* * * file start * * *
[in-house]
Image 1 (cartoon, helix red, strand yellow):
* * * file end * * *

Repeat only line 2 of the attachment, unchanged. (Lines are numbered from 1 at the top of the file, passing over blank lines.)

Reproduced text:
Image 1 (cartoon, helix red, strand yellow):